A sheepshead fly fishing tournament in the Louisiana Bayou sounds straightforward right? Kind of. For 11 years now, the Louisiana guiding community has put on The Sheepy Tournament to have some fun after their fall and winter redfish seasons and try to accomplish this crazy idea of catching sheepshead on the fly.
After spending three days with the hardcore fly fishing community just outside of New Orleans, LA, one thing is for certain—they love their fishery. Well, two other things, they also know how to throw a party and feed the masses.
The Sheepy is clearly focused on trying to catch sheepshead on the fly, an exceedingly difficult task in and of itself, but throughout many conversations with guides and dedicated anglers another theme emerged: the Bayou is changing and so are its fisheries. Before we dive into those discussions, let’s talk about this borderline insane sheepshead on the fly fishery.
Sheepshead Fly Fishing
Often labeled the “Cajun Permit,” sheepshead are notoriously spooky, difficult to feed, and even harder for hooks to find a good hold. Throw in 6” of visibility of churned up marsh water and sightfishing, let along hooking one, sheepshead is one of the most unique and difficult fisheries I’ve been involved in. But there are anglers who have honed their craft and become quite effective at targeting sheepshead on the fly.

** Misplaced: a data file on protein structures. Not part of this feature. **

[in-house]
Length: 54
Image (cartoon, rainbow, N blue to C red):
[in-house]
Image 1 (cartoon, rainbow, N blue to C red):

During the tournament, we were throwing 10s (when it was blowing 30-40 kts, that was…fun), but 8 weights are the norm. We used floating lines with a short leader, tapered down to 16#, but you could get away with 20# because of clarity–or lack thereof. Quick gear plug—the Orvis Helios3 8wt Blackout was an absolute weapon for this type of fishing. The 8’4” fly rod was a great tool for the quick and short presentations that made up most of our sheepshead shots and handled the bulldogging sheepshead without a hitch. For flies, we were throwing small crab patterns on size 4 hooks, which successfully connected to the minimal amount of hookable real estate of a sheepshead.
The M.O. for sheepshead fly fishing is to crawl along marsh banks and look for sheepshead—not as easy as it sounds. Sometimes these fish will show themselves clearly, finning out of the water or nose-down fervently tailing. Those are your best shots. However, you’ll also find more fish hiding barely in sight and cast at shadows in the dirty water. Those fish are obviously much harder to feed and hook. Most shots we had were under 20 feet, and you needed to drop that fly perfectly. With permit, you hear most Keys guides use a hula-hoop as the tolerance to place your fly. For sheepshead, however, that fly placement tolerance shrinks to a frisbee sized landing zone.
“Sheepshead are an incredibly technical fish, and very,very challenging on the fly. The challenge only adds to the hunt!” -Captain Ron Ratliff
All in all, sheepshead will test your sight-fishing prowess and fly fishing abilities, and I understand why so many fly anglers in the Bayou love targeting them.